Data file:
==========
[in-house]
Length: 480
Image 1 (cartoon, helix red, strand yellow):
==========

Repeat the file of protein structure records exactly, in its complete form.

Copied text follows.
[in-house]
Length: 480
Image 1 (cartoon, helix red, strand yellow):